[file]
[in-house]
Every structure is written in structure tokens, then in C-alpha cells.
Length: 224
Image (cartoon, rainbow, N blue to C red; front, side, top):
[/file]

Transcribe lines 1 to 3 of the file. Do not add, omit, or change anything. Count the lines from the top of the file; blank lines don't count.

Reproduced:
[in-house]
Every structure is written in structure tokens, then in C-alpha cells.
Length: 224